Tea Leaf Nation

This Chart Explains Everything You Need to Know About Chinese Internet Censorship

Control + Alt + Anxiety.

A couple use mobile devices on the Bund in Shanghai on September 25, 2013. China will open its first free trade zone in an ambitious effort to transform its commercial centre into a global hub with Hong Kong's South China Morning Post reporting that the zone will even allow access to Facebook, Twitter and other websites banned nationwide by China's censorship authorities who strictly control online content for fear of political and social unrest. AFP PHOTO/Peter PARKS (Photo credit should read PETER PARKS/AFP/Getty Images)

What goes through a Chinese web user’s head the moment before he or she hits the “publish” button? Pundits, scholars, and everyday netizens have spent years trying to parse the (ever-shifting) rules of the Chinese Internet. Although Chinese authorities have been putting ever more Internet rules and regulations on the books — one famously creates criminal liability for a “harmful” rumor shared more than 500 times — the line between what’s allowed and what isn’t, and the consequences that flow from the latter, remains strategically fuzzy. And that’s just how Chinese authorities like it.

But a discerning observer can still sketch out the shadowy form of the (often unwritten) rules that govern the Chinese web. Before posting, a Chinese web user is likely to consider basic questions about how likely a post is to travel, whether it runs counter to government priorities, and whether it calls for action or is likely to engender it. Those answers help determine whether a post can be published without incident — as it is somewhere around 84 percent or 87 percent of the time — or is instead likely to lead to a spectrum of negative consequences varying from censorship, to the deletion of a user’s account, to his or her detention, even arrest and conviction. The flowchart below, based on my years following developments in Chinese cyberspace, provides a glimpse into the web of considerations that may determine the fate of a post — or its author. (Click image to enlarge.)

Tea Leaf Nation

A few nodes on this chart merit particular explanation:

  • Being famous on the Chinese Internet isn’t necessarily desirable. So-called “Big Vs,” or well-known social media commenters, are more likely to be scrutinized, censored, and jailed. They are thus likely to think extra hard before sharing anything on an open platform.
  • Posts that don’t criticize the government can be censored if they seem likely to spur private action on a major public issue. For example, in early March authorities quashed discussion of seemingly government-approved environmental documentary Under the Dome after it triggered a nationwide discussion on pollution.
  • Posts that get people to hit the streets are likely to get the axe, even if they aren’t political. In March 2011, authorities censored posts spreading the rumor that salt could stave off radiation poisoning from the recently ruptured Fukushima reactor in neighboring Japan, because the rumor had led to a run on the commodity.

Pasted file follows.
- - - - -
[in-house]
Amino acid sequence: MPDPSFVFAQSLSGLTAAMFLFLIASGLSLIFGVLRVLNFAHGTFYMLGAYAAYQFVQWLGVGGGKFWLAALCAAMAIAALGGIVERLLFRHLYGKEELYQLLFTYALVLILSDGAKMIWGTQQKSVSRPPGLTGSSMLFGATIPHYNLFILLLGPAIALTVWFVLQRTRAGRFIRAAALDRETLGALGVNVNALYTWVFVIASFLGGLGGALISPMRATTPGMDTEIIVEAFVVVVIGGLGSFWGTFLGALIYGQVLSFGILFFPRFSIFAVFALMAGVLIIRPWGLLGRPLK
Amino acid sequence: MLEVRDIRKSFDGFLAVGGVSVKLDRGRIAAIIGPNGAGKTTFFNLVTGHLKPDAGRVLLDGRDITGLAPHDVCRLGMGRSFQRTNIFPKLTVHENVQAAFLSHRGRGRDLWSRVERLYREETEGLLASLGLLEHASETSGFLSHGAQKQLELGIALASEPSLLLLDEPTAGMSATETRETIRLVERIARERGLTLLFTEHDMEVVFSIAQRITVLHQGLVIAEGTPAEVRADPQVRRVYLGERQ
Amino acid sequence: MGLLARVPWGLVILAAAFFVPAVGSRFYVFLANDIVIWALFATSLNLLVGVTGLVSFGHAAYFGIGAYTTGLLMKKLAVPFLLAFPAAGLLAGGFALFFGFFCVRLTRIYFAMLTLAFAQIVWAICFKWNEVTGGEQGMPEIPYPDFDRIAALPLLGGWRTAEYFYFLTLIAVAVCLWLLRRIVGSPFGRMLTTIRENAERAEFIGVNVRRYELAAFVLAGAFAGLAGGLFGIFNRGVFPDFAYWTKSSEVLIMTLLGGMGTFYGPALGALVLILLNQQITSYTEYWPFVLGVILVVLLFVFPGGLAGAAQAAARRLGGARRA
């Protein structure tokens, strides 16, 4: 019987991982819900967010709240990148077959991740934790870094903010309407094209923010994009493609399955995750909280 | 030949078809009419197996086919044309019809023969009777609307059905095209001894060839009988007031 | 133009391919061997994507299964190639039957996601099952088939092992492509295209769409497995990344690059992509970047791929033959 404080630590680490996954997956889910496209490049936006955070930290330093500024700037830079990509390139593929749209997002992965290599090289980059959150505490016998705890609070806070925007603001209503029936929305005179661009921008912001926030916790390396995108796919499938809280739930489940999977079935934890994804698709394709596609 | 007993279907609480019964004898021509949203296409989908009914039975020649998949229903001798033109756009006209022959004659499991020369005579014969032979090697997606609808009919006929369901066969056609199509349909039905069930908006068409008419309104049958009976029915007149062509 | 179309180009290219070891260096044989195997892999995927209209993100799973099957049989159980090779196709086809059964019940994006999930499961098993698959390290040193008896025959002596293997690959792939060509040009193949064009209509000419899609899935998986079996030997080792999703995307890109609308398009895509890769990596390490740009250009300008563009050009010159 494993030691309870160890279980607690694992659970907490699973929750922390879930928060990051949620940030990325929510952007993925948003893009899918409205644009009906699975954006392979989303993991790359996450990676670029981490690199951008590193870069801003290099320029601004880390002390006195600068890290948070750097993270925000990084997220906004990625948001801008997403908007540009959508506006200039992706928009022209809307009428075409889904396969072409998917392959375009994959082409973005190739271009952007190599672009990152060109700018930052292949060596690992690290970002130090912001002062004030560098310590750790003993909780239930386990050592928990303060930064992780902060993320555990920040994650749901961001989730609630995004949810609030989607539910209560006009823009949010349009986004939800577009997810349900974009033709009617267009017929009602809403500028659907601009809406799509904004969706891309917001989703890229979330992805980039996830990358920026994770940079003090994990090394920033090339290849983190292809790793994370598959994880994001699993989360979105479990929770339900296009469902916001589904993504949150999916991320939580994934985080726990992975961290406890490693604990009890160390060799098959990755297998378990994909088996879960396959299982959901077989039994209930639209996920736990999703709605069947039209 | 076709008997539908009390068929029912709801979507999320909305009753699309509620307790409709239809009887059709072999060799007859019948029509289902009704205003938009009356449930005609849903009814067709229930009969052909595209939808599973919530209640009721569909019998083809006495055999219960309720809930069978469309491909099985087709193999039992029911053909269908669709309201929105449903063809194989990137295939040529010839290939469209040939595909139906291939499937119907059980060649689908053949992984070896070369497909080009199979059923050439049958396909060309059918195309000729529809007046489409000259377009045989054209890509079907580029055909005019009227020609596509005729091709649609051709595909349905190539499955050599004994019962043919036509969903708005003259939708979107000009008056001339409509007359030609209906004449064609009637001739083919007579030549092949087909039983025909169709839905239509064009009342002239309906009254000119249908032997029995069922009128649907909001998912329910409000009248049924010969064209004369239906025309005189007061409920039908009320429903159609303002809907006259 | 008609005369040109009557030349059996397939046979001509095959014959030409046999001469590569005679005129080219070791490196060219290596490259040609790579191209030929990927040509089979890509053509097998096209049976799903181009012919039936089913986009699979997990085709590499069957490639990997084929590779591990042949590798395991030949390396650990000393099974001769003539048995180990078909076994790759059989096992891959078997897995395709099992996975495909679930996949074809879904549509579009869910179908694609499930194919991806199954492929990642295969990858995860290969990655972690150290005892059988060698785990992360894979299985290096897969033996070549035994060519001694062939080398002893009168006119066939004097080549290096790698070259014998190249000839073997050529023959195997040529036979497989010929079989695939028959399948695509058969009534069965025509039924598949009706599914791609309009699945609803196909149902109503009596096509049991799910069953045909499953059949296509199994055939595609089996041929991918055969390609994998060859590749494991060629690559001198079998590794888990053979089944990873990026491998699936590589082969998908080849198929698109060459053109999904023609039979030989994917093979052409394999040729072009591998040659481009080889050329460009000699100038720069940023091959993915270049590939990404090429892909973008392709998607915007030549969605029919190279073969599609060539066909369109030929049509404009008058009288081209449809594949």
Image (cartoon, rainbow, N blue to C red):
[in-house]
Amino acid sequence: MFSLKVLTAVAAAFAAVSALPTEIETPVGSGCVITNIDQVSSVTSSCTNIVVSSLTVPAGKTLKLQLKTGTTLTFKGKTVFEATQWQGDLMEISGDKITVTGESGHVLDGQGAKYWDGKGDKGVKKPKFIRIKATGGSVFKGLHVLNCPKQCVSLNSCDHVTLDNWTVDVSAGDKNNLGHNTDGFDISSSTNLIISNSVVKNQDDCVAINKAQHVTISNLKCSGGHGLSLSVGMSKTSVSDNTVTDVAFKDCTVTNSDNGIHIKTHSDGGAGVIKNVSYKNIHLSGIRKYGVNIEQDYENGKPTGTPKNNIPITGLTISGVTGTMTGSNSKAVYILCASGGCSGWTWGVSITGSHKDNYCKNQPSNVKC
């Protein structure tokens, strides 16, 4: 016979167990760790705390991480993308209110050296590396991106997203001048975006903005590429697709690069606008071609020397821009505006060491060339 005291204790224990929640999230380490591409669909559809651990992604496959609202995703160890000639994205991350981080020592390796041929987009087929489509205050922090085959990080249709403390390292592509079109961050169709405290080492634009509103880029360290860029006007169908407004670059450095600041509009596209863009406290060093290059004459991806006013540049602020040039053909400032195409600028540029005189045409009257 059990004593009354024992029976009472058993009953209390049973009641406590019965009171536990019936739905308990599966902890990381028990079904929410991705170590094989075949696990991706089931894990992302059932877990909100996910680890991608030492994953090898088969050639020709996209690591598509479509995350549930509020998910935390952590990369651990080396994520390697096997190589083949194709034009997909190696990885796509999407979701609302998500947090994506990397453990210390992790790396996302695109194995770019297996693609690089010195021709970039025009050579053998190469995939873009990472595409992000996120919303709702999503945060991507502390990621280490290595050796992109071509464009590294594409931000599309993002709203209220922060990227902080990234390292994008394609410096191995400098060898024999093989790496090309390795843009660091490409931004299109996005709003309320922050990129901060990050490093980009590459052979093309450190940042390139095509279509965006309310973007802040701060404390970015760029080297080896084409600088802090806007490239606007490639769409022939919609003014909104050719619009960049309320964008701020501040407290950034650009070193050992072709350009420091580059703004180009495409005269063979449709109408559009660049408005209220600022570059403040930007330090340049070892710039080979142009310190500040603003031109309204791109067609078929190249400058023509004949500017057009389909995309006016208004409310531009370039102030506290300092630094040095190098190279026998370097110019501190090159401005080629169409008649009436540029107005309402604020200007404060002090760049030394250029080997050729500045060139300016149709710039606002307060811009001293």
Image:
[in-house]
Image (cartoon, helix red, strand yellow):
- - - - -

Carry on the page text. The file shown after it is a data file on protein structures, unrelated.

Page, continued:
• The Chinese government wants web users to call out specific instances of corruption in the Communist Party — just not publicly. That’s why the website for the country’s top corruption watchdog allows citizens to report graft directly to government authorities.
  • Posts that criticize the government aren’t automatically censored. General grousing about the government by a small-time user isn’t going to topple the ruling party, which means the censors are unlikely to care.

There is much, of course, the above graphic does not and cannot capture. A user, for example, may have a powerful backer that allows him or her to push the envelope — or conversely, a history of activism that makes any post suspect. And the consequences beyond censorship are too uncertain and multifarious to be visually represented.

It’s also worth emphasizing that most posts are left alone. But that’s only after each survives a gauntlet of possible pitfalls, managing not only to obey laws as written but also to avoid contravening the interests or sensibilities of the central government and relevant local officials. That’s led to endemic self-censorship, particularly when the topic hits at anything even approaching politics. In turn, that makes Chinese cyberspace less likely to host the kind of raucous (and, to the government, potentially destabilizing) national debates and movements that used to spring up without warning before authorities tightened the screws on online speech starting in late 2013. China’s web users now have a strong incentive to stick to entertainment and e-commerce, rather than using the web as a platform for speech and debate on the major issues shaping their country’s future.

Graphic drawn by Shujie Leng & Josef Reyes; Image by AFP/Getty

David Wertime is a senior editor at Foreign Policy, where he manages its China section, Tea Leaf Nation. In 2011, he co-founded Tea Leaf Nation as a private company translating and analyzing Chinese social media, which the FP Group acquired in September 2013. David has since created two new miniseries and launched FP’s Chinese-language service. His culture-bridging work has been profiled in books including The Athena Doctrine and Digital Cosmopolitans and magazines including Psychology Today. David frequently discusses China on television and radio and has testified before the U.S.-China Economic and Security Review Commission. In his spare time, David is an avid marathon runner, a kitchen volunteer at So Others Might Eat, and an expert mentor at 1776, a Washington, D.C.-based incubator and seed fund. Originally from Jenkintown, Pennsylvania, David is a proud returned Peace Corps volunteer. He holds an English degree from Yale University and a law degree from Harvard University.

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